Corruption is a threat to democracy and economic development in many societies. It arises in the ways people pursue, use and exchange wealth and power, and in the strength or weakness of the state, political and social institutions that sustain and restrain those processes. Differences in these factors, Michael Johnston argues, give rise to four major syndromes of corruption: Influence Markets, Elite Cartels, Oligarchs and Clans, and Official Moguls. In this 2005 book, Johnston uses statistical measures to identify societies in each group, and case studies to show that the expected syndromes do arise. Countries studied include the United States, Japan and Germany (Influence Markets); Italy, Korea and Botswana (Elite Cartels); Russia, the Philippines and Mexico (Oligarchs and Clans); and China, Kenya, and Indonesia (Offical Moguls). A concluding chapter explores reform, emphasising the ways familiar measures should be applied - or withheld, lest they do harm - with an emphasis upon the value of 'deep democratisation'.
• Sophisticated approach to a key topic across the social sciences • Analyses the corruption problems of 'advanced' societies as well as poorer and less democratic countries • Emphasises the political aspects of corruption along with the economic ones that have previously dominated the debate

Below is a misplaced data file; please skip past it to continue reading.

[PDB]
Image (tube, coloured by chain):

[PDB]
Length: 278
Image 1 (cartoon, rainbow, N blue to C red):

Preface; 1. Wealth, power and corruption; 2. The international setting: power, consensus and policy; 3. Participation, institutions and syndromes of corruption; 4. Influence markets: influence for rent, decisions for sale; 5. Elite cartels: How to buy friends and govern people; 6. Oligarchs and clans: we are family - and you're not; 7. Official moguls: reach out and squeeze someone; 8. From analysis to reform; Appendix A; Appendix B; References; Index.
'Michael Johnston's book is an important contribution to corruption studies. It promises to push current research and thinking beyond a focus on economic models of corruption to give more serious consideration to political realities. The cases used to illustrate Johnston's four-fold taxonomy are lively and interesting and capture the essence of the situation in each country. The cumulative weight of these cases provides a convincing background for his provocative and thoughtful reform agenda.' Susan Rose-Ackerman, Yale Law School